in, we had a devil of a time with it when lifting the deck. Eventually
we cut it out completely, as you may be able to see on the extreme
left of the picture above.
Photo #4) Detail of stringers
Photo #5 Dave glassing in new
The original stringers were replaced with new ones cut to the
same size and length. Additionally, intermediate stringers were
installed, made from 4" PVC cut in half to form a "C"
section. This gave us 7 stringers in the bottom, each covered
with a minimum of 2 layers of heavy cloth and resin. Extra care
was taken to hand roll out all the air bubbles and we allowed
a week in the summer sun between layers of glass to let it really
set up. A center support, heavier than the original, was reinstalled
amidships with blocks glued by west system and fiberglassed. This
ties all three stringers together to prevent them from torqing
and provides support for the deck under the console. (A great
deal of weight is concentrated on this spot because the fuel tanks
are stored under the console, above the support) The edge of the
deck still attached to the hull, and the edge of the large section
removed, were each sanded to a sharp taper. This approx three
inches of sanding would allow us to lay new cloth and not have
a "bump" when we reattached the deck. As seen in photo
#6 below, a flange was created out of marine plywood held in place
with counter sunk stainless screws and glued with west system.
(The only purpose of the flange was to give us something to rest
the deck on so we could re-fiberglass it.)
Photo #6) Deck flange installed
the deck was reattached, the PVC tube that the control cables
ran through had to be refitted. I was in a pickle because I discovered
the original was a size no longer available. With some fiberglass
and the help of another friend who found me an NOS female/female
connector, we were able to salvage the original. After several
muscle pulling test fittings, we got the deck to lay into our
flange nicely. It was west systemed to the flange and screwed
in place. Two to three new layers of fiberglass were laid over
the cut. Again, all the air bubbles had to be rolled out of the
cloth, and we had to allow the resin several days to set up between
layers. The new fiberglass and the old non-skid that was molded
into the gel-coat on the deck all had to be sanded down to be
nice and smooth and flush. This took a lot of time and sweat.
By now I had developed a resistance to the fiberglass itchies!
My ventilator and belt sander were earning their keep! As seen
in photo #7, we had to be patient and sand and mud with a marine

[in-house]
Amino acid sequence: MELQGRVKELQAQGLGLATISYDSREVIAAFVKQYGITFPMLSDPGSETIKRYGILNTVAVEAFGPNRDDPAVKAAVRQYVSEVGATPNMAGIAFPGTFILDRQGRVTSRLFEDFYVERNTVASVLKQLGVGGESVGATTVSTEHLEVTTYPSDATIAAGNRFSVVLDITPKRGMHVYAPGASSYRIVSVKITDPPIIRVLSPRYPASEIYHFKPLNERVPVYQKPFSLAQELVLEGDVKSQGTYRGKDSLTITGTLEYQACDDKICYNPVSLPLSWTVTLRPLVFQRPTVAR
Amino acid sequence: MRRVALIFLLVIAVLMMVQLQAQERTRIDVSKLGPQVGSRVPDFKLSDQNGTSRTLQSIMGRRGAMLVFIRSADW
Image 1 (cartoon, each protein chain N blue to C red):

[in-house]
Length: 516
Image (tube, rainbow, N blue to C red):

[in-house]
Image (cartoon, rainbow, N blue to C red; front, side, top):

filler, (like bondo), to get everything nice and smooth.
Photo #7) Deck on again!
I gave the deck two coats of a marine epoxy primer. (This took
it's sweet time to cure since the cool fall days had set in!)
The last step was to give it a nice coat of epoxy gray paint and
shake some non-skid into it, photo #8. (The new non-skid works
much better than the original that was molded into the gel) As
you can see, I taped off the white waterways and around the edge.
This gave it a nice clean original look, and makes it so the difference
in non-skid from the deck to the forward platform is hardly noticeable.
I also mixed up some of the new closed cell 2 part foam and filled
most of the space between the hull and deck. Hopefully it will
react better over time than the original!
Photo # 8) Deck done at last!
The boat now floats right on it's original marks, (about 3 1/2"
higher than before!!!) it rides and handles as it was designed to do. A great fringe benefit from before the rebuild is a 30% increase in fuel economy
with the '90 Johnson 115 because the boat is stiff and planes much
more easily. She also will make 38 knots at WOT, about 5 knots
better than it did before. I also sleep better knowing the hull
is sound and the flotation will errrrr.... float! I am very proud
of my old boat, and think that she was well worth all the work.
I owe a great debt of thanks to Dave & Sheila for taking this
project on - without their expertise and masterful work, there
is no way this boat would have gone back together. It's been 10+ years since the rebuild and the boat is still solid as a rock - and a lot of fun!
AND LET'S NOT FORGET THE ENGINE!
Year & Model: 1990 Johnson
Horsepower: 115@5,500 rpm
Cylinders: 90 degree
Point Gap: none
Cooling: Water by rubber impeller
Retail price when new: $NA
Weight: 325 lbs.
Oil/Gas Mix: 50:1 (VRO removed & tossed!)
Spark Plug: NGK BR9HS
Prop: OMC 13 1/4" x 17" 3-blade aluminum
My newest outboard ever! Quiet, reliable and fairly easy
to work on (except the $#@*&! thermostats) Fuel economy
on the old Mako is excellent burning about 3-4 gallons per
hour at cruising speed of 20-22 mph/3500 rpm. At full throttle speed is 38mph/5400 rpm with the bimini and spray hood down, 2 adults and regular gear - fuel consumption
is 8 gph.